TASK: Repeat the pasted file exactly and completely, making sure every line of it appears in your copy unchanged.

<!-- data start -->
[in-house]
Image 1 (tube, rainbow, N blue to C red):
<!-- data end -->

[in-house]
Image 1 (tube, rainbow, N blue to C red):